From the October 1983 Issue of Car and Driver.
It’s 1965. You ease down into the low-slung monster, sliding your penny loafers deep into the footwells. You slip on your wraparound shades and roll up the sleeves of your white oxford shirt. Depressing the heavy clutch with a grunt, you bring the engine to life. The deep, thumping rumpa-rumpa can be heard long after you disappear down the road.
But something’s wrong. It’s the other cars. They’re different from anything you’ve ever seen—so sleek and small and none of them have tail fins! Then you see it, the license plate on the odd-looking four-door job up ahead: it’s dated 1983. Gulp.
Rod Serling would have understood the ERA 427SC: it’s not just a car, it’s a trip through the Twilight Zone. Here’s a car so powerful it can spin its tires all the way back to the sizzling Sixties, when real men tried to look like Troy Donahue and raw horsepower ruled at A&Ws around the country. Those were the glory days for American iron, when the acrid odor of rubber smoke hung over such infamous roads as the Connecting Highway in New York, Woodward Avenue in Motown, and Van Nuys Boulevard outside L.A.
The car standing triumphantly at the top of the high-performance mountain in 1965 was none other than the Shelby Cobra 427, a wispy English roadster from the Fifties, stuffed full of Ford’s biggest V-8. In C/D’s Cobra 427 test in the November 1965 issue, Brock Yates wrote that the Cobra’s performance “may have to stand as a high-water mark in performance cars that are readily available to the public” and that “we think the 427 Cobra is maybe the toughest-looking car on the road.”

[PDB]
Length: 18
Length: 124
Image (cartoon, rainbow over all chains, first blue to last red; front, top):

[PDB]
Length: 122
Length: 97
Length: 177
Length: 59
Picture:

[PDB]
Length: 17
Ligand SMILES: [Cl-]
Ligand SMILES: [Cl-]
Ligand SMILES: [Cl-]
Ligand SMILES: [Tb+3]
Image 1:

Now, thanks to the magic of replication, you too can ride back, back, all the way back to the halcyon days of horsepower, behind the wheel of an ERA 427SC. Be forewarned that it’s not at all easy, though. Plenty of blood, sweat, and cuss words will be extracted along the way. And you’ll shell out a hefty bag of cash for the privilege. The first installment will amount to $14,800, the cost of a 427SC kit from Era Replica Automobiles (608-612 East Main Street, New Britain, Connecticut 06051), from which you will have to build your dream car with your own hands.
Replicars—kits or ready-made—are nothing new, of course. Unfortunately, most of them are the progeny of opportunistic manufacturers with more chutzpah than good taste, who cater to the nostalgic tendencies of back-yard tinkerers or slightly askew car nuts. The replicar list runs the gamut, with garish, custom-built mega-dollar creations such as ersatz Thirties Mercedes at the one end and do-it-yourself MG TC look-alikes on Beetle chassis at the other. Most are little more than crowd pleasers.
The ERA 427SC, however, isn’t that kind of replicar at all. Given the Cobra’s legendary status, it’s not surprising that it’s one of a handful of Cobra kits currently available—and it may be the best. The ERA isn’t intended just to evoke the past; it’s an honest attempt at a true reproduction. The SC is to Shelby’s original what a piece of modern-day Chippendale furniture is to the real thing: even an expert can’t tell the difference without a close inspection. From the voluptuous curves of the bodywork to such minutiae as the graphics on the gauges, the ERA 427 is dead-nuts accurate.
Like any kit car, the 427SC is a grown-up’s version of a Revell car model. The ERA kit includes the body (predrilled to accept all the necessary hardware), an Era-designed chassis, and almost everything else you need—including a full interior and a telephone-book-size instruction manual. You’re responsible for supplying the powertrain, the brakes, a Jaguar XK-E rear-axle assembly, and paint.